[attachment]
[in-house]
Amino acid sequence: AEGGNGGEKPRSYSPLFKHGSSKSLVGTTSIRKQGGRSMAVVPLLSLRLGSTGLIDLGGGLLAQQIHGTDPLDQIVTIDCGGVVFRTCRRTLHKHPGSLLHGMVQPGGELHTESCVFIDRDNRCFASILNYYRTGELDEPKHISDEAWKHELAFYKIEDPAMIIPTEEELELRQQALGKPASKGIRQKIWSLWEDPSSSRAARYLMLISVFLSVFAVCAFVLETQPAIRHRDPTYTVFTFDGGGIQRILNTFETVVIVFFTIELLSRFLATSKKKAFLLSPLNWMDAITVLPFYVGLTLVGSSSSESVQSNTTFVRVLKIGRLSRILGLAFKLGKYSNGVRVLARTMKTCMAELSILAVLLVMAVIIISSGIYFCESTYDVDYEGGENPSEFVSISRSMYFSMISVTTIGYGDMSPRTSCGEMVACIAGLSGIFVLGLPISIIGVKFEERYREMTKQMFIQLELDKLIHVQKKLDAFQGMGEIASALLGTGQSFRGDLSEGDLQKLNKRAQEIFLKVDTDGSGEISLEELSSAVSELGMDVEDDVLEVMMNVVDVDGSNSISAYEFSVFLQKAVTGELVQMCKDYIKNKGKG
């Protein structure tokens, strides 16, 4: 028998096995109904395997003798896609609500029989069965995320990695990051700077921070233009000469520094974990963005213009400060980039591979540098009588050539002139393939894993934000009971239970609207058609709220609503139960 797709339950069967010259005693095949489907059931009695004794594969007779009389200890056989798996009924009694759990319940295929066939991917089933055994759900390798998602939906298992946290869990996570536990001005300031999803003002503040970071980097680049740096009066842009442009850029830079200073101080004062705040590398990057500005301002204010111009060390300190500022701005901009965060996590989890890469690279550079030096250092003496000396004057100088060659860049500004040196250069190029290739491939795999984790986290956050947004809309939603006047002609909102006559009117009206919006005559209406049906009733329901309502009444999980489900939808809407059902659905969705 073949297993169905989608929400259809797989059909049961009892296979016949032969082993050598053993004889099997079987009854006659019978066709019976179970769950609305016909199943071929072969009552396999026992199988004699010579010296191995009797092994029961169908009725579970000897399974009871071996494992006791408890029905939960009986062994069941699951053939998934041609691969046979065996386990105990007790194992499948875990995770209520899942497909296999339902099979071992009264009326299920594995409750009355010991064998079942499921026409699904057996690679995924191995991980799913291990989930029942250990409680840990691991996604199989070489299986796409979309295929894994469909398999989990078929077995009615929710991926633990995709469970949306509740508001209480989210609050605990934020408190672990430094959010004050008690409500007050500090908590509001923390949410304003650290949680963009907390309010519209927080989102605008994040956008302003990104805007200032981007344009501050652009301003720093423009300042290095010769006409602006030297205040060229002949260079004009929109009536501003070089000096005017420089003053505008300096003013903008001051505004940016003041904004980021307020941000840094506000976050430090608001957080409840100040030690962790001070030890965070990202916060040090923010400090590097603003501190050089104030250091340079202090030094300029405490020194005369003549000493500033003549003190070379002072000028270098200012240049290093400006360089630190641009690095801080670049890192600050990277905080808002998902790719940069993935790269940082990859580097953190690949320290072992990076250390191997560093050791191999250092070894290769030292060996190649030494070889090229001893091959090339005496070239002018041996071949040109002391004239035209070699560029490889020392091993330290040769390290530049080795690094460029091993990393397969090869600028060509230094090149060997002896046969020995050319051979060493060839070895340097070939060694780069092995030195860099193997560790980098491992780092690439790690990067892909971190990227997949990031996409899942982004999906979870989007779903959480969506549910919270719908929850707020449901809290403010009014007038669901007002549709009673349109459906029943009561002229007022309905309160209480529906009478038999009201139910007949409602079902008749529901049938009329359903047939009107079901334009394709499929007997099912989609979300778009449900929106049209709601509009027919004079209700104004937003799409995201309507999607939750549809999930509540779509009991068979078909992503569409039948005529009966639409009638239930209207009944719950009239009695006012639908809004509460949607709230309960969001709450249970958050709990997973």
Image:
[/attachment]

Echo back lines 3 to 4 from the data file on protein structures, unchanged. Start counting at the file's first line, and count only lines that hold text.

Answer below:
């Protein structure tokens, strides 16, 4: 028998096995109904395997003798896609609500029989069965995320990695990051700077921070233009000469520094974990963005213009400060980039591979540098009588050539002139393939894993934000009971239970609207058609709220609503139960 797709339950069967010259005693095949489907059931009695004794594969007779009389200890056989798996009924009694759990319940295929066939991917089933055994759900390798998602939906298992946290869990996570536990001005300031999803003002503040970071980097680049740096009066842009442009850029830079200073101080004062705040590398990057500005301002204010111009060390300190500022701005901009965060996590989890890469690279550079030096250092003496000396004057100088060659860049500004040196250069190029290739491939795999984790986290956050947004809309939603006047002609909102006559009117009206919006005559209406049906009733329901309502009444999980489900939808809407059902659905969705 073949297993169905989608929400259809797989059909049961009892296979016949032969082993050598053993004889099997079987009854006659019978066709019976179970769950609305016909199943071929072969009552396999026992199988004699010579010296191995009797092994029961169908009725579970000897399974009871071996494992006791408890029905939960009986062994069941699951053939998934041609691969046979065996386990105990007790194992499948875990995770209520899942497909296999339902099979071992009264009326299920594995409750009355010991064998079942499921026409699904057996690679995924191995991980799913291990989930029942250990409680840990691991996604199989070489299986796409979309295929894994469909398999989990078929077995009615929710991926633990995709469970949306509740508001209480989210609050605990934020408190672990430094959010004050008690409500007050500090908590509001923390949410304003650290949680963009907390309010519209927080989102605008994040956008302003990104805007200032981007344009501050652009301003720093423009300042290095010769006409602006030297205040060229002949260079004009929109009536501003070089000096005017420089003053505008300096003013903008001051505004940016003041904004980021307020941000840094506000976050430090608001957080409840100040030690962790001070030890965070990202916060040090923010400090590097603003501190050089104030250091340079202090030094300029405490020194005369003549000493500033003549003190070379002072000028270098200012240049290093400006360089630190641009690095801080670049890192600050990277905080808002998902790719940069993935790269940082990859580097953190690949320290072992990076250390191997560093050791191999250092070894290769030292060996190649030494070889090229001893091959090339005496070239002018041996071949040109002391004239035209070699560029490889020392091993330290040769390290530049080795690094460029091993990393397969090869600028060509230094090149060997002896046969020995050319051979060493060839070895340097070939060694780069092995030195860099193997560790980098491992780092690439790690990067892909971190990227997949990031996409899942982004999906979870989007779903959480969506549910919270719908929850707020449901809290403010009014007038669901007002549709009673349109459906029943009561002229007022309905309160209480529906009478038999009201139910007949409602079902008749529901049938009329359903047939009107079901334009394709499929007997099912989609979300778009449900929106049209709601509009027919004079209700104004937003799409995201309507999607939750549809999930509540779509009991068979078909992503569409039948005529009966639409009638239930209207009944719950009239009695006012639908809004509460949607709230309960969001709450249970958050709990997973």
Image: